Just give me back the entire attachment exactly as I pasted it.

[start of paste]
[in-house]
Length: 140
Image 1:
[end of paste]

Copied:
[in-house]
Length: 140
Image 1: